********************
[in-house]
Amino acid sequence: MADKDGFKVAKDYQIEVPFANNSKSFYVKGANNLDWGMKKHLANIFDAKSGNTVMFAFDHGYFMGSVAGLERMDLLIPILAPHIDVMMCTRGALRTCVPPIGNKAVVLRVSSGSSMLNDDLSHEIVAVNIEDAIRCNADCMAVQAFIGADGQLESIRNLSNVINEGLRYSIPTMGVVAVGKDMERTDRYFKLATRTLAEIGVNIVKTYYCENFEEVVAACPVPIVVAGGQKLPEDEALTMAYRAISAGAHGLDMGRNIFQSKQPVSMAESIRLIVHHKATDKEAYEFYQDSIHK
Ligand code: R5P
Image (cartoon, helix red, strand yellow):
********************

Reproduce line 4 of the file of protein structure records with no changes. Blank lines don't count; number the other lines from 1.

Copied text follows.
Image (cartoon, helix red, strand yellow):